28 August 2015 – The purpose of this brief is to provide an update on the assessment of mitigation effects of those Intended Nationally Determined Contributions (INDCs) submitted to the United Nations Framework Convention on Climate Change (UNFCCC).
The context for the United Nations Environment Programme (UNEP) Emissions Gap Report 2015 is the large national and international effort being undertaken as part of the preparations for the climate conference (COP 21) in Paris in December 2015. UNEP has engaged a regionally balanced INDC Assessment Team of experts to assess the INDCs submitted to the UNFCCC.
The expert team has prepared a preliminary assessment of INDCs for 38 of the 59 submissions; these countries cover 60 per cent of current global GHG emissions, excluding those from Land Use, Land Use Change and Forestry (LULUCF). This assessment aims at providing the best available scientific information about anticipated global emissions by 2025 and 2030, comparing the aggregated emissions resulting from INDCs with scenarios that are consistent with limiting temperature increase to a maximum of 2°C above pre-industrial levels.
This assessment shows that these INDCs are projected to contribute 4-8 gigatonnes of GHG reductions by 2030, compared to what would be the global emissions expected in 2030 should current policies continue.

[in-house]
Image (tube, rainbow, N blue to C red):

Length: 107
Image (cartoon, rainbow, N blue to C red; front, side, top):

Despite this positive contribution, the assessment shows that global emissions in 2030 will most likely be approximately 14 gigatonnes above the 2030 emission level that would be consistent with keeping the international community on track to meet the 2°C target.
Although INDCs from countries still to be submitted are expected to reduce this gap further, there will nonetheless be a significant gap between the political 2 °C ambition and current intended contributions.
It is important to underline that the INDCs are not only about mitigation efforts; many countries address both mitigation and adaptation priorities. It is encouraging to see the significant political momentum the INDC process has generated in many countries. Some countries have taken a broad development approach and considered climate action in the context of the upcoming Sustainable Development Goals. In this way, they are setting directions for a broader national green economy transition.
The UNEP Emissions Gap Report, which will be launched early November, will provide an updated assessment of all INDCs submitted by October 1. The report will, in addition, provide analyses of the potential for enhancing mitigation ambitions in a number of high-potential areas. This year’s focus is on scaling-up good practice experiences in a number of key sectors, a more-detailed examination of initiatives by non-state actors and forest-related mitigation opportunities.
The INDC Assessment Team uses a transparent and multidisciplinary approach, building on previous and ongoing national and international assessment work. The results are based on an assessment of available findings from research groups that have analyzed INDCs and estimated national, regional and global emissions. Information about the current submissions to UNFCCC can be found at: http://uneplive.unep.org/theme/index/13#indcs